Magazine article Chicago Policy Review (Online)

In Congress, Are Polarized Politics a Sign of Good Representation?

Magazine article Chicago Policy Review (Online)

In Congress, Are Polarized Politics a Sign of Good Representation?

Article excerpt

In America today, there is a growing consensus that our politics are becoming increasingly polarized—especially in the U.S. House of Representatives. Many scholars argue that this polarization has had a negative impact on the policy making process. They have argued that, as members of Congress edge toward the ideological extremes of their parties, they fail to represent the needs of their constituents—at least in terms of creating effective policy. The perceived failure of members of Congress to represent the needs of their constituents, in turn, has led scholars and policymakers to propose solutions ranging from term limits to changing debate rules to address polarization and fix congressional dysfunction.

But what if this polarization is simply the result of members of Congress doing their best to represent the views of their constituents, issue by issue? That’s the argument made by Douglas J. Ahler and David E. Broockman in a recent paper.

In the paper, the authors focused on what they called the “delegate paradox.” They defined this term as when members of Congress choose a position on individual bills in order to maximize their issue agreement with their constituents’ preferences, rather than strictly adhering to an ideological framework. The paradox, then, was that this type of voting caused many members of Congress to score as more ideologically polarized than their constituents overall, even as they voted in alignment with their constituents’ views on individual issues.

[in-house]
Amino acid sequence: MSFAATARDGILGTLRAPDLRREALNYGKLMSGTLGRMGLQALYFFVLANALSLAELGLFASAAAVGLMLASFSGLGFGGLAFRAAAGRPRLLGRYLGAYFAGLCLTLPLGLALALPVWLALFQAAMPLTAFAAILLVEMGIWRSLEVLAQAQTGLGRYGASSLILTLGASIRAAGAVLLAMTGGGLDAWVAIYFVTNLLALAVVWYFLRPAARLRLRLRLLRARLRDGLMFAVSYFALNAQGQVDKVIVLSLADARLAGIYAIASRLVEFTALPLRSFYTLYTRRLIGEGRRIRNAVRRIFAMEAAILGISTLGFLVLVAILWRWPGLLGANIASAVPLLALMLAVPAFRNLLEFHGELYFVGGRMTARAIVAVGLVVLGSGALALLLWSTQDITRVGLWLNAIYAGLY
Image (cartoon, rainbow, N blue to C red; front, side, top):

Using Harvard’s CCES data—a national, stratified sample survey of more than 50,000 people—and an analysis of every roll call vote in the House of Representatives during the previous session, the authors sought to prove the existence of the “delegate paradox” by highlighting three key findings.

First, the authors considered what it would look like for hypothetical members to vote with their district’s median constituent on each issue. Using ideological scores, the authors found that these hypothetical members were significantly more polarized than their districts. The authors conducted this test to prove that ideological polarization and misalignment with constituents did not equate to a failure of representation. On the contrary, they argued that it may have indicated that members were successfully representing their constituents’ views on individual issues. …

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